Holiday music finally puts on red lipstick, slips into a silky cleavage-celebrating ballgown, and goes gorgeous and glamorous with Christmas With The Puppini Sisters - the album Metromix
describes as "imagine if 'Glee' did a big-band/swing episode and you’re pretty close."
A female vocal trio featuring ‘40s-style close harmony, backed by a fearless jazz threesome, the retro-futuristic Puppini Sisters put their signature sequined stamp on timeless songs of the season for the sensational group’s third album - listen to their swingin’ and rockin’, sexy and eccentric take on the sassy holiday classic "Santa Baby"
Swingin’ and rockin’, sexy and eccentric have never before described a Christmas album--until now. Then again, there has never before been an artist who claims both The Andrews Sisters and The Smiths as influences. Holiday music finally puts on red lipstick, slips into a silky cleavage-celebrating ballgown, and goes gorgeous and glamorous with Christmas With The Puppini Sisters (Verve), released October 5, 2010.
A female vocal trio featuring ‘40s-style close harmony, backed by a fearless jazz threesome, the retro-futuristic Puppini Sisters
put their signature sequined stamp on timeless songs of the season for the sensational group’s third album. From a scorching cover of Mariah Carey’s “All I Want For Christmas,” hyperspeed “Step Into Christmas,” oh-so-sexy “Santa Baby,” cabaret “Here Comes Santa Claus” and lilting “Last Christmas” to a weirdly wonderful “White Christmas,” scat-filled “Let It Snow,” ukulele oozing “Mele Kalilimaka,” uber-trad “Winter Wonderland” and divine “O Holy Night,” the Puppini Sisters (no, they’re not really sisters, that would be so on-the-nose) deliver original twists rather than nostalgic flashbacks.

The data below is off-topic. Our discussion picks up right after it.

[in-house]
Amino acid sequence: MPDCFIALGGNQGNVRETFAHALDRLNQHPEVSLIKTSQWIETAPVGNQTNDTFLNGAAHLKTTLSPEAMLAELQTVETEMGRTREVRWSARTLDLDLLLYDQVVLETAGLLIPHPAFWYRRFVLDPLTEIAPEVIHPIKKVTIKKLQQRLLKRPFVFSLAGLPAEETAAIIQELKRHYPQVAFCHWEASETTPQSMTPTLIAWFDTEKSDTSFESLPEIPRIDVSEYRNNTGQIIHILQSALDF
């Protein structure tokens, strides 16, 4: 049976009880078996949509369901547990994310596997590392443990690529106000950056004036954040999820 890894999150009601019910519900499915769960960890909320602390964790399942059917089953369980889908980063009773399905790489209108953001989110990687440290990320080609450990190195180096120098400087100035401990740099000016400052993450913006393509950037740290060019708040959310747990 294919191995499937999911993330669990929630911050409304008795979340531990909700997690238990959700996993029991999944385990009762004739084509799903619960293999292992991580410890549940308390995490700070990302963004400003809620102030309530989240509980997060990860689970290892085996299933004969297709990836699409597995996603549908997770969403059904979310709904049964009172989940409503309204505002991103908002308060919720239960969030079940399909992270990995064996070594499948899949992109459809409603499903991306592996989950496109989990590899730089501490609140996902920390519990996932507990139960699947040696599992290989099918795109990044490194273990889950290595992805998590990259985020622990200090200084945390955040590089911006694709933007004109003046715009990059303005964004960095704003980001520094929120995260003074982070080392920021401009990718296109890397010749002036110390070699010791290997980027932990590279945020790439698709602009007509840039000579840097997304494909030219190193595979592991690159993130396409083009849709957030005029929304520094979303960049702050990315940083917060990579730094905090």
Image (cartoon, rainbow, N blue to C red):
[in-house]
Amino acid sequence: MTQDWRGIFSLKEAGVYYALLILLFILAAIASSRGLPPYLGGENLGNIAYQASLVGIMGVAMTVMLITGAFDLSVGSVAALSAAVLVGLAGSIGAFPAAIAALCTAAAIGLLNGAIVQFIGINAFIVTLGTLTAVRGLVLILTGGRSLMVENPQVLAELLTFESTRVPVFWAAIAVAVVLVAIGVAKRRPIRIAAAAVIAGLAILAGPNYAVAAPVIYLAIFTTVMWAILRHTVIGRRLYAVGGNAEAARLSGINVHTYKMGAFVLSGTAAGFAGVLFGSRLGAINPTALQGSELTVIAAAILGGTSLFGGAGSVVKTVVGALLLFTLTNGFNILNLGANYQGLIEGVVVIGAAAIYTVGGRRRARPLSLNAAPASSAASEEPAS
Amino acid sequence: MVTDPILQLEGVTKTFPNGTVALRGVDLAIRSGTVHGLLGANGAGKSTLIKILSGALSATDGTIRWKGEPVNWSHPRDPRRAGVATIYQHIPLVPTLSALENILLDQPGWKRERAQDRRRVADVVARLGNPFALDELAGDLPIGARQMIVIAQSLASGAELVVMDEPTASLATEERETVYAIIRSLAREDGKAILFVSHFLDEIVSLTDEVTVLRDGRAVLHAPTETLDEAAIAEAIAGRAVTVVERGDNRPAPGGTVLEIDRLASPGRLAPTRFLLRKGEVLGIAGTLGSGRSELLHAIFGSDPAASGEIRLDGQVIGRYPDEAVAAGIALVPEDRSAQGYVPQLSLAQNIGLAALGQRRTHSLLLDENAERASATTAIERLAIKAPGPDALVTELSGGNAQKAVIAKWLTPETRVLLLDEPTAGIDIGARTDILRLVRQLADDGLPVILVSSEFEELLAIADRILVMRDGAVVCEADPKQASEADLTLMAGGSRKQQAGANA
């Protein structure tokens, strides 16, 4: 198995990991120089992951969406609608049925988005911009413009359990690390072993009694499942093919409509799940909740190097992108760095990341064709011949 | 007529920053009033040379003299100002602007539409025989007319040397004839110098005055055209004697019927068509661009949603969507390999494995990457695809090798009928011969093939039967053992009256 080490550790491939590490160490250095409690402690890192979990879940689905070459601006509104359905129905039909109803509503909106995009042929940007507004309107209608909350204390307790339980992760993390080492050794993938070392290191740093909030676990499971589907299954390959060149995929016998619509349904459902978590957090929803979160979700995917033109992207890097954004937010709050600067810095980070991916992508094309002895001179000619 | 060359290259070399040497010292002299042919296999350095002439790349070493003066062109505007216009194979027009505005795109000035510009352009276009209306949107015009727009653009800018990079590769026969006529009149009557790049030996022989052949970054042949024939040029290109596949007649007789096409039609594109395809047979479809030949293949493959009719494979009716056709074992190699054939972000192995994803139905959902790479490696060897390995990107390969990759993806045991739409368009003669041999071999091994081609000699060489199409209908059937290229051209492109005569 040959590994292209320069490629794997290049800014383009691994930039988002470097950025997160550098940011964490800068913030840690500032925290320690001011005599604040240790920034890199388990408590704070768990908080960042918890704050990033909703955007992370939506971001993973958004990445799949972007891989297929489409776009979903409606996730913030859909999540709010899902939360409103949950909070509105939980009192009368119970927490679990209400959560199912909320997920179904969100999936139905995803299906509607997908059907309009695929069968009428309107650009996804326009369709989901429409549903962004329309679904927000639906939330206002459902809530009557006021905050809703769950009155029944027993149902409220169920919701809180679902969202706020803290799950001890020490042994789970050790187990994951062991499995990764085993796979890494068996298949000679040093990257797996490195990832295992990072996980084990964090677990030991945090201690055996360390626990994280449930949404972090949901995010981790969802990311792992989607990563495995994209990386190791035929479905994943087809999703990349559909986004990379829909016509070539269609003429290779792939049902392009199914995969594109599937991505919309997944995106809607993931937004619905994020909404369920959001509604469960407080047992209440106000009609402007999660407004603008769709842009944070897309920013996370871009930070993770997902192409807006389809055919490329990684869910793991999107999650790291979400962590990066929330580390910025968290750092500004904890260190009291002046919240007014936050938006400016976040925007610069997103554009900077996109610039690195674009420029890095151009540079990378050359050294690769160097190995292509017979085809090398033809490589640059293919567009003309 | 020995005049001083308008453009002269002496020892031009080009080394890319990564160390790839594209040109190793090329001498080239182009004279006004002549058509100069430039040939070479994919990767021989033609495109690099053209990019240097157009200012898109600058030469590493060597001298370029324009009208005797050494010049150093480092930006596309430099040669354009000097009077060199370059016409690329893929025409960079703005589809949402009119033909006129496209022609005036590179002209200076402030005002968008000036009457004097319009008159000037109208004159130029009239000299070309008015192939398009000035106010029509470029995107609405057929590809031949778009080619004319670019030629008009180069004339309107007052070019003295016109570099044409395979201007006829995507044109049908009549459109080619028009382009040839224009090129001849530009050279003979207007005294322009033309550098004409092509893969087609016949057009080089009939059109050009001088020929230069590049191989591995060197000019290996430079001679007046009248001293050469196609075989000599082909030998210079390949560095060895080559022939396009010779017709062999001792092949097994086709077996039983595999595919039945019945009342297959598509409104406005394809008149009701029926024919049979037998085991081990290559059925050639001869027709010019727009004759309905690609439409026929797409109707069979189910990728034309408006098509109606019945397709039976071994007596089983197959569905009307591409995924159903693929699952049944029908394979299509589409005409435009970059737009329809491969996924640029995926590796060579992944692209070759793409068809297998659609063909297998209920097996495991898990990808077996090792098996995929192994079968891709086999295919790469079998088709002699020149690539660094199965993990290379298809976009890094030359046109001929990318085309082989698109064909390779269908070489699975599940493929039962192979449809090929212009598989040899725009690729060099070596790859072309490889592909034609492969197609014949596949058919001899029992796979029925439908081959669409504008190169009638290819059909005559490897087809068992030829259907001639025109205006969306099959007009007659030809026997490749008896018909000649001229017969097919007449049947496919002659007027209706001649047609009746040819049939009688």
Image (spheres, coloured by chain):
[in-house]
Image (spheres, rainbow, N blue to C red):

Whether imaginatively reworking standards such as “Boogie Woogie Bugle Boy” and recent pop such as Beyonce’s “Crazy In Love,” or introducing new songs, the classically-trained London-based trio first captured the hearts of fans around the world with their international gold 2007 debut Betcha Bottom Dollar (#2 on the U.S. Jazz chart) and 2008’s The Rise And Fall Of Ruby Woo (#5 on the U.S. Jazz chart).
Brunette Marcella Puppini, a former assistant to fashion icon Vivienne Westwood, had dreamed of becoming opera’s next star. Redhead Stephanie O’Brien began in music as a maverick of the classical world but found her niche playing gypsy jazz violin, South American harp and singing. Blonde Kate Mullins, well, she sings like an angel and swears like a sailor. The vocalists/multi-instrumentalists met in 2004 at London’s Trinity College of Music while pursuing Jazz Performance and Composition degrees. Offered a gig at an outrageous gay nightclub, they jumped at the chance to perform. Marcella, who gave the band her name, worked out a hasty arrangement of Kate Bush’s “Wuthering Heights” inspired by ‘40s swing and jazz. The crowd adored their stunning vocals and cocktail hour charisma.
Since then, along with releasing several singles and two albums, they have performed at the Glastonbury festival and on an American stadium tour supporting Cyndi Lauper; been heard on TV series in the U.K. and the U.S., including “Grey’s Anatomy”; and been in constant demand as guest performers at notable entertainment and fashion events across the globe. Even Prince Charles personally told them he thought they were “splendid” (seriously, we could not make that up). The Puppini Sisters
may have started out retro but they have become true originals. With Christmas With The Puppini Sisters, holiday music never sounded so fresh and new.